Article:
The Human Cost of Bad Translation

The Human Cost of Bad Translation by Sepideh MoussaviMy mother is not fluent in English, and that fact counted heavily against her on a call to an insurance company recently.

The call was about an important question relating to my mother’s account, so I joined her to make the call. The person on the other end of the phone said they had to verify my mother’s identity, and so they needed her to speak, not me, her daughter. The operator asked what language my mother speaks, and put us on hold while they found a Farsi interpreter.

Within a couple of minutes, the translator joined the call and translated between my mother and the operator. The interpreter was from Afghanistan and spoke a dialect of Farsi called Dari. My mother did her best to answer the questions as I listened alongside her. The person asked for her name, phone number, address, and that all went well. Then the translator asked for my mother’s zip code, using a Dari word that my mother did not know. It was painful.

As a certified translator, I know how scary it can be when people don’t understand what is being said to them. When my mother did not respond, the operator informed us she was dropping the call because my mother couldn’t get the zip code right.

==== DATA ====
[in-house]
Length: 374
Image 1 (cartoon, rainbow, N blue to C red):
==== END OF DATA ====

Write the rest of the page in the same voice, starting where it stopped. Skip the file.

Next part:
My mother needed her question answered right away, so it became my job to find a suitable translator that wouldn’t be accused of “coaching” my mother by the insurance company.

This was a very small thing: a zip code. Five digits. I understand that identity theft is real, and that the process was designed to actually protect my mother, but I think this is an example of someone in an interpreting position that was not fluent in the language they claimed to be.

For translators, getting certified is important because it is a guarantee that they are fluent. Right now, the lack of certified Farsi translators is hurting Farsi speakers in the United States and Canada. If you or a family member are in need of a Farsi translator, make sure the person is a native speaker, and genuinely qualified to speak your specific dialect. Then, I would talk to them to make sure that you understand each other.

In order to make certain of the qualifications of your translator, contact The Farsi Language Center.

Sepideh Moussavi, MSSepideh Moussavi, MS

Farsi Language Center

farsilanguagecenter.com
farsilanguagecenter.com/blog
info@farsilanguagecenter.com
(212) 304- 4400

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